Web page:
Microsoft’s advice for Office 365 customers switching to Office 2016 for Windows leaves out some important points. Here’s the real story based on experiences from Office Watch readers across the globe.
According to Microsoft there’s two ways for an Office 365 subscribers with Office 2013 to switch over to the new Office 2016.
Warning! Achtung! Neither of these options tells the whole story about the changeover.
- Wait until you see a notification just below the ribbon on the Office 2013 programs.
When you see that notice, go to File | Account | Update Options | Update Now and Office 2016 will be installed to replace Office 2013.
- Go to your Office 365 account online My Account in your browser. Choose Install, then Install again. Office 2016 for Windows will be installed in the background as you continue to use Office 2013.
In the real world
Outside Microsoft’s cosy and fanciful world here’s what you need to know about the change from Office 2013 to Office 2016 for Windows.
This applies to people with an Office 365 ‘subscription’ (Personal, Home or University). Not the Office 2013 ‘one time’ or ‘perpetual licence’ purchase who have very limited upgrade rights.
Wait for the notification
According to Microsoft the ‘in app’ notification of Office 2016 should happen ‘in a few weeks’.
We’ve had a lot of messages from Office-Watch.com readers who’ve been patiently waiting for Microsoft to let them have Office 2016. But nothing ever shows. Even trying to force an update (File | Account | Update Options | Update Now) doesn’t give an option to change to Office 2016.
Microsoft claim that the prompt will be ‘in a few weeks’, but that’s on an undated web page so ‘a few weeks’ gives no proper timeline for customers. It’s been well over a month since Office 2016 was publicly released so it seems Microsoft hasn’t met their own (vague) timing.
You can wait for the ‘switch to Office 2016’ notification to appear or you can update at your convenience, not Microsoft’s.
Upgrade when you want
Any current Office 365 subscriber can switch to Office 2016 for Windows whenever they like. Sadly, the Microsoft advice for the change/install doesn’t tell the whole story.
Anyone with 64-bit Office (which seems to be many Office-Watch.com readers) will get into a muddle if they follow Microsoft’s instructions. Microsoft pushes the 32-bit Office but more and more Office users prefer the greater capacity and efficiency of 64-bit Office.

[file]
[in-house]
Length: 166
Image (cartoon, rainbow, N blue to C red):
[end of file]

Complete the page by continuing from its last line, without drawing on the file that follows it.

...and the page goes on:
Microsoft says that you go to My Account and just click the red Install button – but that’s a trap. The Install button will download and install 32-bit Office even if you have 64-bit Office installed on that computer.
Far better to ignore the ‘simple’ option. Click the small ‘Language and install options’ link instead.
There you can choose a different language release of Office. What you need is the small ‘Additional install options’ at the bottom.
That small link gives you, the paying customer, control over exactly which version and type of Office you install. Here’s the current choices available (this web page changes fairly often and usually without notice):
There’s now an Offline installer that is a very welcome new choice.
Importantly, there’s a pull-down list of all the available Office options. This is the only place where you can choose 64-bit Office.
At the moment you can choose 32-bit and 64-bit variations on:
- ‘Office’ meaning Office 2016 for Windows
- ‘Office Insider’ – the preview/beta versions of new/changed features in Office for Windows.
- Office 2013 – a welcome addition to this menu. Office 365 customers can choose to retain the ‘old’ Office for familiarity or compatibility reasons.
If you have Office 2013 64-bit or want to switch to that version, choose ‘Office – 64-bit’ then click Install. That will download the, relatively, small 64-bit installer file.
Don’t forget our famous and popular guide to Office 2016 for Windows: